He thought he was a bigger person by approaching me. What he was not aware of, what he did not know, was that the chair of the organization did not want to hear a single camera during the show. My inquiry as to who he was, was to merely ask if he was media, why he was sitting there, and to state my intent that if he was there shooting in that spot then I wanted to be situated in a more ideal location as well. I did not care to be next to him or near him, but to have a better location to capture the show more clearly. I was after all there to capture the performance for the organization.

Having realized that he was not going to get his way, win this round, he attempted to take his frustrations out of me. I was insulted. I was more insulted that he felt the need to act so unprofessionally and accuse me of being the one to have his right to make photos taken away. As one of the other staff members stated, "he didn't even ask if it was ok. He showed up and just started shooting." The moral of the story, the point that I want to convey is this: There is a place and time, a manner in which one can and should say something. There are professional manners that can be displayed. Picking and choosing the correct time exhibits your level of professionalism. Do not show up unannounced with the expectation that you have the right to do anything. Be courteous, respectful, polite, and you will see that things can be granted to you when you act in a more professional manner.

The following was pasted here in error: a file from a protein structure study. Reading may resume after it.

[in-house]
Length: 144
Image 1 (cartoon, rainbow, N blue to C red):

Re-locating: Lifestyle upgrade by jeffrey byrnes

It has been one week since we have been in our new house. Our move was not substantial, but the benefits are. The whole point of buying a house, in my opinion is to have a better quality of live, an improvement in living conditions and situations. Needless to say, we are happy. I have some plans, such as a nicely put together home office, a small personal studio (personal projects), and a place where I can do some other creative work. 

One feature that makes me the most happiest, the kitchen. We have more space then my fiance's condo and it looks incredible. The most lavish benefit, the professional range, the stove, the food maker, the holy grail of kitchen appliances. So far I have cooked two meals. Dinner for myself last night and a lunch this morning that incorporate a few left overs from last night. I am by no means a chef, but would love to possess the knowledge of a contemporary chef. So, chef's out there reading this, I will pay you in photos if you train me for contemporary cuisine...

Starting with the left was last nights salad. Field greens, green apple, red pear, topped with raspberry vinaigrette dressing with cheese sprinkled on top. Middle, is a red potato and red pear combination seasoned with spices and garlic olive oil sautéed in bacon grease. Bacon of course was within the medley of potatoes and pears. Right is today's lunch. Eggs, yesterday's potato and pear mash up with bacon and chives. All in all, it was good. I was very happy to gets out the range. I look forward to making new dishes, testing new things out, burning some food, perfecting some dishes, and enjoying the lifestyle improvements.

Thats all for now. itk

Aerial Photography and Videography by jeffrey byrnes

Last year I had a thrill. I flew in a helicopter. I am sure that I discussed that at least once on my blog before converting it over to my new platform. I did an aerial shoot last year via helicopter. Due to a project change, I needed to do so again later in the year. I was addicted and only wanted to fly in a helicopter to get from place to place. While some people have that luxury, I currently do not.